Many people don't realize the amount of time and work that goes into packaging food products; the process is usually quite stupefying. Packaging beer is no exception. When I started homebrewing over eight years ago, I was always excited when it came time to bottle my brews because that meant I was closer to sampling what I had created. Back in those days, I would bottle up my IPA's, British Pale Ales or Scotch Ales and let them condition in the bottle for 7-10 days. These days, I have more patience - the bottles usually sit for weeks before I crack them open and start imbibing. The system I'm using to bottle is also a lot different from my old system. I used to bottle the beer with an addition of corn sugar to achieve a state of natural carbonation in the bottle - this is known as "Bottle Conditioning". Today, I'm using carbon dioxide gas to do the 'conditioning' for me. I simply hook up my hoses and valves to a CO2 tank with a fancy looking filler on the other end which empties the beer from the kegs they are stored in. I cap up the bottles after they're filled and I let them sit in my basement for a week or two before I open one up and take a sample.

Right now, I've got a serious bottling job that needs attention. I am running out of room in my humble little brewery and there seems to be beer everywhere! I will need to do some bottling this weekend so I can make more of my equipment available for other tasks. I have five beers that need to be bottled: a Belgian Strong Ale (dark, potent, age able), a Barleywine (also dark, potent and age able!), a blended Pilsner (a friend and I brewed two separate batches and blended them to create a new beer), a Bock beer (never made one before - this one turned out great) and an English Strong Bitter. When I get those all bottled up, I'll be entering most of them into some local homebrew competitions.

So, with all these holding tanks empty, I'll be able to fill them right back up with NEW beer that is patiently being stored in my brew shed outside. When bottling is done, I'll have two new Organic Pilsners on tap, followed by two English Pale Ales (brewed with two different yeasts), a Czech Pilsner and a very strong Scotch Ale. Yea, I love Pilsners -they are my favorite beer and I want to have enough for the summer months. My backyard faces west and the sun beats down hard on my deck. I'm gonna have a lot of outdoor projects to fulfill this year, so I'll need plenty of light beer to keep me going. My lady also likes the lighter beers in the summer to steady along her gardening work. My backyard is a magical place to me: it's where I was married, it is where friends eat and gather, it is where our food is grown and the yard is where I make my beer. If that isn't magical, I don't know what is.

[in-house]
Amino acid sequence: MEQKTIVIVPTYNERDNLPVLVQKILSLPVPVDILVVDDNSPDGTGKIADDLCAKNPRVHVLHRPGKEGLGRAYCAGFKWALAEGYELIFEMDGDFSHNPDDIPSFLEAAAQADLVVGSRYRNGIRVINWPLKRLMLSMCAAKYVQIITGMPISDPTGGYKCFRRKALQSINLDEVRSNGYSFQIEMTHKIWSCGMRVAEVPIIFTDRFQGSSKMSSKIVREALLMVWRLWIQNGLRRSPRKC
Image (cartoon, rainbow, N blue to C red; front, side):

Monday, March 16, 2009

Sunday: a day for beer. I met up with some family and friends yesterday for a right on birthday gathering. See, there really ARE a lot of birthdays around the same time! Anyways, we decided to have the party at the Fearless Brewing Company. I've never been to Estacada, and with minimal coaxing, I got my lady in the truck and headed on down highway 224. We enjoyed the countryside ride down into the Clackamas River region; the waters were RAGING! Also, we got caught in some weather that was somewhat comical and somewhat manic. The winds and rain that we endured on the way in to town were blowing pieces of fir trees and pine cones all over the road. We survived most of the hits, but my little truck took a minor beating on the cap and windshield. It was like running through a movie set during a tornado scene.

Onto the beers: Fearless Brewing is big into Scotch Ales, so I'll have to go back with Maestro Chez for a pint or two. They brew most beers to 5.3-5.4% alcohol by volume - respectable and full-flavored. The list includes a Cream Ale, Scottish Ale, IPA, Porter and a few seasonals: the Peaches n' Cream Ale, Tomahawk Brown (I had two) and the Strong Scotch Ale (8% ABV). To speak to the brewer's sense of authenticity, I happened to spot a full pallet of Simpson's Golden Promise malt in the brewery. They were all pretty good ales and I think it's true what they say about the atmosphere adding to the tasting experience. The brewery is wide open with the dining area open to the kitchen and open to the brewery - nothing is hidden or contrived. What I love most about the place is their sincerity and unpretentiousness of their products. The dining area reminds me somewhat of the rustic breweries that I used to frequent back in upper Michigan: log cabin style booths, smooth stone floors, exposed wood ceilings and great funky jazz music playing all throughout the place. They do have some couches and big comfy chairs too - right next to a very old upright piano. The only thing that I wish they had in addition to all the existing charm is a fire place.